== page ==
Exercise has proven benefits for improving physical health. But what about mental health? For starters, active people are nearly 45% less likely to have depressive symptoms than inactive people (Booth, Roberts & Laye 2012). But a deeper look at the connections between exercise and mental health raises complicated questions:

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Training Guidance for Sedentary Young Women

October 12, 2018

Study reviewed: Kyröläinen, H., et al. 2017. Effects of combined strength and endurance training on physical performance and biomarkers of healthy young women. The Journal of Strength and Conditioning Research, 32 (6), 1554–61.

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Getting to the Heart of Pre-Exercise Screening

September 21, 2018

A preparticipation health screening helps trainers and prospective clients safely launch into an exercise program. When the American College of Sports Medicine updated its pre-exercise screening guidelines 3 years ago, it made one major shift: It stopped recommending the use of a tool to assess cardiovascular disease risk.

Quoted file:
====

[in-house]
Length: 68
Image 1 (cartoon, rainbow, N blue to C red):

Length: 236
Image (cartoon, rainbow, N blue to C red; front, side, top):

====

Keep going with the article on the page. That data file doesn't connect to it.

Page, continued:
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heart rate tracker

Wearable Heart Rate Trackers: Which Works Best?

August 21, 2018

How accurate are the latest wearable heart rate trackers?
That’s an important question amid the flourishing demand for wearable fitness devices and wrist-worn heart rate monitors. Approximately 1 in 6 consumers in the U.S. uses some type of wearable technology, such as a fitness band or a smartwatch (Piwek et al. 2016). Industry research from 5 years ago predicted sales of 110 million wearable devices by 2018, but shipments of 115.4 million in 2017 have already outpaced that projection (Piwek et al. 2016; IDC 2018).